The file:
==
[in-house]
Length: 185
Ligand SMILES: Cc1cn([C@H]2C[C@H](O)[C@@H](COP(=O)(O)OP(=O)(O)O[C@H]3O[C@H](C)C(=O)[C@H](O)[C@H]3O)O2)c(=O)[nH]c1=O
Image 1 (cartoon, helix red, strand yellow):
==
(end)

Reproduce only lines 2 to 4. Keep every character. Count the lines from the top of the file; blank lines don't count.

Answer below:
Length: 185
Ligand SMILES: Cc1cn([C@H]2C[C@H](O)[C@@H](COP(=O)(O)OP(=O)(O)O[C@H]3O[C@H](C)C(=O)[C@H](O)[C@H]3O)O2)c(=O)[nH]c1=O
Image 1 (cartoon, helix red, strand yellow):